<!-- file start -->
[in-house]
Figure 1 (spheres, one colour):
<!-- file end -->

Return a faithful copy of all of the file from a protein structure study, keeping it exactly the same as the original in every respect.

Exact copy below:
[in-house]
Figure 1 (spheres, one colour):